The ACLU of Massachusetts is pursuing a bold privacy agenda in the 2013–2015 legislative session. The following bills, if enacted, will go a long way towards updating privacy law in our great Commonwealth, whether on our streets and roadways, in the skies, or in our computers and phones. Please click here to take action to support these measures and share that link with all your friends and family. Together we can build a movement for 21st century freedom. Join us.
Check out the individual bills below; check back soon for the full text of the proposed statutes. We will post links to them when the legislature posts them online.
The Electronic Privacy Act: setting out warrant requirements for phone, internet, and location tracking
Sen. Spilka & Rep. Walz: S.796; H.1684
This bill would require law enforcement to obtain a warrant to access our personal electronic information--details of our telephone use, our contacts, our location, and our email and other communication--from the telecommunications companies we pay for phone and internet services. It would bring accepted long-standing Massachusetts law and practices governing search warrants into the digital age.
The Drone Privacy Act: regulating the use of aerial surveillance vehicles
Sen. Hedlund & Rep. Garry: S.1664; H.1357
We think of drones as controversial tools of warfare and killing, but this remote controlled aerial surveillance technology is also increasingly of interest to local law enforcement. While the Federal Aviation Administration will regulate drones' use of US airspace, it is up to state lawmakers to ensure that this emerging technology is used responsibly in Massachusetts--without weapons, of course, and not for warrantless surveillance of residents. Read more about the Drone Privacy Act.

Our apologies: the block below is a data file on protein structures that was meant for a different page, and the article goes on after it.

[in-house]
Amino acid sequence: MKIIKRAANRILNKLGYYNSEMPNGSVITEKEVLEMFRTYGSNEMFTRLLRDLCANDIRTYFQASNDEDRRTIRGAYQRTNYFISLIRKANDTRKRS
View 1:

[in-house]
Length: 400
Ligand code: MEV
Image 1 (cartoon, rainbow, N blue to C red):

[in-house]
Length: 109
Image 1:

The License Plate Privacy Act: regulating automatic license plate readers
Sen. Creem & Rep. Hecht: S.1648; H.3068
Automatic license plate readers--an increasingly common technology for identifying vehicles associated with outstanding warrants, registration violations, and parking enforcement--should continue to be used for legitimate enforcement purposes, but should not be used to track innocent motorists. This bill identifies appropriate uses for ALPR technology and protects drivers' privacy by restricting government retention of license plate location information beyond those specified uses.
The Free Speech Act: ending surveillance of political activity
Sen. Chandler & Rep. Lewis: S.642; H.1457
Police should not monitor and track people's First Amendment-protected activity, or amass poorly defined “intelligence” about their speech and associations in giant databases.
This bill would prohibit law enforcement from collecting information about individuals' political and religious views, associations, or activities--unless it relates directly to a criminal investigation based on reasonable suspicion of criminal conduct.
The Password Protection Act: keeping social media from snooping employers
Sen. Creem & Rep. Coakley-Rivera
A growing number of employers are demanding that job applicants and employees give them access to their private social media accounts such as Facebook, making them hand over their passwords or disclose the contents of their accounts. Schools are requiring students to do the same.
H.1707: Rep. Coakley-Rivera's bill would prohibit coercive access to social media accounts by employers.
S.852: Rep. Creem's bill would apply to both employers and schools.